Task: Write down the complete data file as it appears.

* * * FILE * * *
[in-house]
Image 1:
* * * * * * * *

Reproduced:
[in-house]
Image 1: